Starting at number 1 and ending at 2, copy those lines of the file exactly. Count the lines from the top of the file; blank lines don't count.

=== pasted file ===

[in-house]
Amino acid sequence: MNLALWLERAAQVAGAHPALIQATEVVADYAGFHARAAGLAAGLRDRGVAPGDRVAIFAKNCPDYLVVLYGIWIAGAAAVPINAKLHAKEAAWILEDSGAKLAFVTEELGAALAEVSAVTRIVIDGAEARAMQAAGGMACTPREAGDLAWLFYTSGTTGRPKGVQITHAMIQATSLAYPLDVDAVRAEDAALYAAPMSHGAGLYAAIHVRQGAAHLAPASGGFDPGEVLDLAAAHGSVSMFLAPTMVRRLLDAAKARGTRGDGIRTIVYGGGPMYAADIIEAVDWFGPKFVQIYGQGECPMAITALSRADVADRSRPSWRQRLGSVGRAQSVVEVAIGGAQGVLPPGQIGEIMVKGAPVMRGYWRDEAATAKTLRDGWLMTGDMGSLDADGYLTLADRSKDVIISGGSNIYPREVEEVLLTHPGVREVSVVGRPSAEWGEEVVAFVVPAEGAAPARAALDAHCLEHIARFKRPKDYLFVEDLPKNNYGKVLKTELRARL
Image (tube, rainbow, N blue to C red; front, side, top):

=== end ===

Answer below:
[in-house]
Amino acid sequence: MNLALWLERAAQVAGAHPALIQATEVVADYAGFHARAAGLAAGLRDRGVAPGDRVAIFAKNCPDYLVVLYGIWIAGAAAVPINAKLHAKEAAWILEDSGAKLAFVTEELGAALAEVSAVTRIVIDGAEARAMQAAGGMACTPREAGDLAWLFYTSGTTGRPKGVQITHAMIQATSLAYPLDVDAVRAEDAALYAAPMSHGAGLYAAIHVRQGAAHLAPASGGFDPGEVLDLAAAHGSVSMFLAPTMVRRLLDAAKARGTRGDGIRTIVYGGGPMYAADIIEAVDWFGPKFVQIYGQGECPMAITALSRADVADRSRPSWRQRLGSVGRAQSVVEVAIGGAQGVLPPGQIGEIMVKGAPVMRGYWRDEAATAKTLRDGWLMTGDMGSLDADGYLTLADRSKDVIISGGSNIYPREVEEVLLTHPGVREVSVVGRPSAEWGEEVVAFVVPAEGAAPARAALDAHCLEHIARFKRPKDYLFVEDLPKNNYGKVLKTELRARL